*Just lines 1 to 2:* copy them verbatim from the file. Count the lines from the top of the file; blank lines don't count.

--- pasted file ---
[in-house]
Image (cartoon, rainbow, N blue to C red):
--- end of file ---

[in-house]
Image (cartoon, rainbow, N blue to C red):